Worker. Length, 15.0 mm; width at wing basas, 6.0 mm; abdomen, 7.0 mm, width across T2, 7.0 mm; front wing length, 13.0 mm, width, 5.5 mm. Morphological features, including character of pubescence, of this caste are relatively like those given for the queen. Coloration of typical specimens is also very similar to that described for the queen (atypical specimens with more extensive yellow patterns are more frequently encountered in this caste; cf. under Com­ ments).

Male. Length, 15.0 mm; width at wing bases, 5.0 mm; abdomen, 8.0 mm, width across T2, 7.0 mm; front wing length, 14.0 mm, width, 4.5 mm. Head: Frontal outline (excluding mouth- parts) narrowly trapezoidal, about as high as widest dimension; compound eye little more than twice as high as greatest width, its outline only slightly more broadly rounded below than above, the inner eye margins almost parallel; vertex weakly concave laterad of ocelli; ocellocular area largely smooth and polished with only few microscopic punctures; ocelli situated in very weak arc near supraorbital line, removed from one another by somewhat less than their diameter, the interocellar line equal to the ocellocular line; malar space about li times as long as distance between (and including) mandibular articulations, weakly convex, polished, with microscopic punctations; labrum nearly 2\ times wider than median thickness, mostly well covered with pubescence except the weak polished callosities; flagellum about 3f times longer than scape, FI nearly equal to F2, together about equal to F3. Legs: Mesobasitarsite subrectangular, nearly 4f times longer than greatest width, distal end emarginate with equally produced angles the pos­ terior one more sharply rounded, the outer surface weakly concave mid-longitudinally; met- abasitarsite subrectangular, about 4 times longer than greatest width, the outer surface broadly concave mid-longitudinally, its distal end shallowly emarginate, the posterior margin weakly arcuate. Pubescence: Similar in character to that described for the queen. Genitalia, seventh and eighth abdominal sterna figured (PI. XIV). Color: Very much like that detailed'for the queen (for variability c/. under Comments). Wings (usually) somewhat paler.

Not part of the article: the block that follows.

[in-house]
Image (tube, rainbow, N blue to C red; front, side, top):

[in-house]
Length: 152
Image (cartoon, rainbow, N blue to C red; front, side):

Comments. Except for differences in size, especially in the worker caste, I have not detected any significant morphological variation in this species, which is, chromatically, one of the most variable in South America. On light colored specimens the interalar black band varies considerably in width and to some degree in definity. The abdominal yellow usually is evident on at least terga 1 and 3; sometimes it is nearly or completely replaced by black on terga 1 and 2, while other specimens might have terga 1-3 all yellow, particularly in the workers. Melanism has been en­ countered in the male. Such specimens of this sex at hand indicate a condition whereby the color is totally black or one that shows only traces of yellow on the anterior part of the thoracic dorsum and on abdominal T3. I have not found this degree of melanism in the female though possibly it does occur; if so, such in­ dividuals might easily be confused with M. (M.) atratus (Fkln.), a species in which similar coloration is common.

Scientific source:

Supported by
go to Discover Life's Facebook group

Updated: 2019-01-24 00:56:04 gmt
Discover Life | Top
© Designed by The Polistes Corporation